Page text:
|Lizz is the Queen of Fire|
To be fair, she can be forgiven because she has to let the people at Deafzone know where she wants to be so there can be sign language interpreters in place, so she's forgiven. Plus, really, all in, it's not like any of us can really say, hand on heart, that anal's not something we wish we all were getting a bit more of in our lives.
Speaking of things I think we all wish we had more of in our lives, I think that part of the surprising appeal of Mumford and Sons is the poetic and spiritual content in their songs, which marks them as quite unusual for a band that could fill the field in front of the Other Stage with everyone chanting along with every word to songs about awakening their souls and asking for some power to keep the earth beneath one's feet.
To me, this just reminded me of something I think I've talked about before in this blog - the sense I get that it's not the literal truth of a religion that actually matters, but that the mythology of stories has a different kind of truth - the difference between mythos and logos in philosophy, I suppose. The time at Glastonbury made me reflect quite a lot on this and how important the truths of mythology are to me as an artist and as a writer.
On the first night, I watched people gather at the Stone Circle, where almost everyone was drunk or on drugs, there were naked women dancing in the mud and the rain, people smeared in earth and paint and blood. Drums and brass bands led people in song and dance as the sun fell in the sky and there was a wild edge to the night that always seemed to be just one step away from descending into total carnage. In the crowd, robed figured patrolled with their tall staves in their hands, looking pleased at the chaos around them at the party. Midsummer is, I suppose, a reminder that what you have is about to slip away, so you should enjoy it while you can; it's about to disappear from you.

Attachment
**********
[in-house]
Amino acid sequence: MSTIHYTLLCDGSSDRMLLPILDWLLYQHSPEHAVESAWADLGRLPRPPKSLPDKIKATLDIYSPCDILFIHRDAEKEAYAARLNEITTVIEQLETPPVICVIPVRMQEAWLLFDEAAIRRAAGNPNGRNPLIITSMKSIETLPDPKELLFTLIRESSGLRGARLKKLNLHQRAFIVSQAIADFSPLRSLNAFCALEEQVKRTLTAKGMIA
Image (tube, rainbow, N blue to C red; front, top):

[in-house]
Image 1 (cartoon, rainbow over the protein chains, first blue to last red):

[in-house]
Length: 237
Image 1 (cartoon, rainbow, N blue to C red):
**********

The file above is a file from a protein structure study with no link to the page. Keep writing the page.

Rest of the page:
On the second morning, I talked to some of the people who ran the Common Ground Café. We talked about how ill-prepared many people were for the weather; how odd it seemed to come to the festival without any notion of how enormous and powerful nature would be compared to you, and what kind of pride you were showing to come along in flip-flops and no waterproofs. They talked about how they had formed out of a group of drug addicts who found a a faith in God and began living as a religious commune in the seventies and had stayed together since then. They seemed one of the most genuine, kind and friendly sets of people at a festival where those traits were pretty abundant anyway, so I enjoyed my time with them, and the people there would always make time to talk to me about what I was drawing and to chat about other things.